Chesapeake and Ohio's "Pere Marquette" en route through the Michigan countryside on its run to Detroit, crossing Thornapple Bridge, circa 1958. ["Pere Marquette" in Michigan], Photograph, ca. 1958; (http://texashistory.unt.edu/ark:/67531/metapth28711/ : accessed October 30, 2015), University of North Texas Libraries, The Portal to Texas History, http://texashistory.unt.edu; crediting Museum of the American Railroad, Dallas, Texas.
The "Pere Marquette" train No. 9, westbound, on the Chesapeake and Ohio Railway, en route from Grand Rapids, Michigan to Chicago, circa 1957. ["Pere Marquette" diesel engine], Photograph, ca. 1957; (http://texashistory.unt.edu/ark:/67531/metapth28685/ : accessed October 30, 2015), University of North Texas Libraries, The Portal to Texas History, http://texashistory.unt.edu; crediting Museum of the American Railroad, Dallas, Texas.
The Chesapeake and Ohio Railway, which had controlled the Pere Marquette Railway for years, formally absorbed the company in 1947. On November 21, 1948, the C&O used new lightweight equipment from the Budd Company to establish new streamliners between Grand Rapids and Chicago. This equipment was surplus from another of Robert Young's projects, the abortive Chessie, a proposed luxury streamliner. In 1950 new equipment from Pullman-Standard replaced the 1946 cars, which the C&O sold to the Chicago and Eastern Illinois Railroad (C&EI).
Classic Streamliners - TRAINCYCLOPEDIA
The Pere Marquettes, operating between Detroit, Lansing, and Grand Rapids, are the first postwar streamliners to present novel dining cars with tables set diagonally into alcoves along the wall. Waitresses and elimination of tipping are among other distinctive Pere Marquette dining features.
Postcard depiction of a Pere Marquette Railway streamliner.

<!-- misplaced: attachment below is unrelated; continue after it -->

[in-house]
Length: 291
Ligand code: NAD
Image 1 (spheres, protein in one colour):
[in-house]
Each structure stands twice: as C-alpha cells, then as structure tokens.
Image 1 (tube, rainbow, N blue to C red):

Pere Marquette Railroad's oppulent Parlor-Cafe car No. 25D, circa 1905.
Library of Congress. By Detroit Publishing Co. [Public domain], via Wikimedia Commons
The Pere Marquette
The Pere Marquette was a streamlined passenger train operated by the Pere Marquette Railway and its successor the Chesapeake and Ohio Railway (C&O) between Detroit and Grand Rapids, Michigan. Later it operated between Grand Rapids and Chicago, Illinois. It operated from 1946 to 1971. It was the first new streamliner to enter service after World War II. Although discontinued in 1971 on the formation of Amtrak, in 1984 Amtrak revived the name for a new train between Chicago and Grand Rapids.
Dinner aboard the Chesapeake and Ohio Railway's "Pere Marquette" train No. 8, eastbound, enroute from Chicago to Grand Rapids, Michigan, circa 1957. ["Pere Marquette" dining car], Photograph, ca. 1957; (http://texashistory.unt.edu/ark:/67531/metapth28684/ : accessed October 30, 2015), University of North Texas Libraries, The Portal to Texas History, http://texashistory.unt.edu; crediting Museum of the American Railroad, Dallas, Texas
The Pere Marquette Railway introduced the Pere Marquette between Detroit and Grand Rapids on August 10, 1946. Pullman-Standard delivered two lightweight seven-car consists enabling three daily round trips. Each set consisted of a baggage/mail car, baggage car, two chair-observation cars, two chair-lounge cars, and a dining car. The train seated 220 in the four chair cars, and had space for 44 in the dining car. The innovative railroad executive Robert R. Young had a hand in the establishment of the Pere Marquette and introduced several operational changes, including phoning ahead for reservations and paying for tickets aboard the trains, as opposed to at the station. The Pere Marquette Railway experienced a surge in ridership after the trains began operation. New EMD E7 diesel locomotives pulled the trains. The trains covered the 152 miles between Grand Rapids and Fort Street Union Depot in Detroit in under three hours. Connecting service to Chicago was available in Grand Rapids. Other streamlined trains had debuted since 1945, but the Pere Marquette was the first using equipment built after World War II.
The C&O applied the Pere Marquette name to the Chicago trains in 1965. At Amtrak's inception there was a single round-trip between Chicago and Grand Rapids, two between Grand Rapids and Detroit, and a connecting train between Holland, Michigan and Muskegon, Michigan. All were discontinued.
Amtrak revived the name on August 5, 1984, with the Pere Marquette, a daily service between Chicago and Grand Rapids.
Text: wikipedia.org. Images: Public Domain; http://www.commons.wikimedia.org (unless otherwise specified) and 17 U.S. Code § 107 fair use. References: Lewis, Robert G. The Handbook of American Railroads. New York: Simmons-Boardman Publishing Corporation, 1951, 2nd Edition 1956. Site Map Contact webmaster HERE.
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